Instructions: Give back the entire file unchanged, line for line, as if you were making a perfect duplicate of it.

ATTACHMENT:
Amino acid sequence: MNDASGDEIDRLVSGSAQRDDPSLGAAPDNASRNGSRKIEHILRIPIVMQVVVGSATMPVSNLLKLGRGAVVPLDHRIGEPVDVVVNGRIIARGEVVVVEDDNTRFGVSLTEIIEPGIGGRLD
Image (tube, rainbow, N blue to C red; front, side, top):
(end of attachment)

Amino acid sequence: MNDASGDEIDRLVSGSAQRDDPSLGAAPDNASRNGSRKIEHILRIPIVMQVVVGSATMPVSNLLKLGRGAVVPLDHRIGEPVDVVVNGRIIARGEVVVVEDDNTRFGVSLTEIIEPGIGGRLD
Image (tube, rainbow, N blue to C red; front, side, top):